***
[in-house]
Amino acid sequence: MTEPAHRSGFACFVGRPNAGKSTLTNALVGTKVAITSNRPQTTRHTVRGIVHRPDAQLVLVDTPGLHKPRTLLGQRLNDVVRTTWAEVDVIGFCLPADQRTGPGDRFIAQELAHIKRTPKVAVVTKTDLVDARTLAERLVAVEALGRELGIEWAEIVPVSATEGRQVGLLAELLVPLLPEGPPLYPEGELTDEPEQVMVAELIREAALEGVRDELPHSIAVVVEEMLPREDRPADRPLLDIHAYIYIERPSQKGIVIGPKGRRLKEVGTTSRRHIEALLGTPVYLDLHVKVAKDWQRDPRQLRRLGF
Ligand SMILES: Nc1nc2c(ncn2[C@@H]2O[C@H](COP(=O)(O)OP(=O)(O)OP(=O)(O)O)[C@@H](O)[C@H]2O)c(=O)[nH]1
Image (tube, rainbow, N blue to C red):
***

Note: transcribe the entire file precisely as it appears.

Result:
[in-house]
Amino acid sequence: MTEPAHRSGFACFVGRPNAGKSTLTNALVGTKVAITSNRPQTTRHTVRGIVHRPDAQLVLVDTPGLHKPRTLLGQRLNDVVRTTWAEVDVIGFCLPADQRTGPGDRFIAQELAHIKRTPKVAVVTKTDLVDARTLAERLVAVEALGRELGIEWAEIVPVSATEGRQVGLLAELLVPLLPEGPPLYPEGELTDEPEQVMVAELIREAALEGVRDELPHSIAVVVEEMLPREDRPADRPLLDIHAYIYIERPSQKGIVIGPKGRRLKEVGTTSRRHIEALLGTPVYLDLHVKVAKDWQRDPRQLRRLGF
Ligand SMILES: Nc1nc2c(ncn2[C@@H]2O[C@H](COP(=O)(O)OP(=O)(O)OP(=O)(O)O)[C@@H](O)[C@H]2O)c(=O)[nH]1
Image (tube, rainbow, N blue to C red):